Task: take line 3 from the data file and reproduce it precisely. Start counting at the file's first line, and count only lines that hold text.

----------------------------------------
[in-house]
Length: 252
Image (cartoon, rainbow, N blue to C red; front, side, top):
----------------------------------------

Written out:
Image (cartoon, rainbow, N blue to C red; front, side, top):